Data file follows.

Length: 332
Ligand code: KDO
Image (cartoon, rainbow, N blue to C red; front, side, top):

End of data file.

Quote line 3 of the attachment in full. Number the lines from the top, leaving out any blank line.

Image (cartoon, rainbow, N blue to C red; front, side, top):